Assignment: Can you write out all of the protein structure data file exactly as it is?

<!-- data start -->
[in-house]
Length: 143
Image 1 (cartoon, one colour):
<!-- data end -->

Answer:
[in-house]
Length: 143
Image 1 (cartoon, one colour):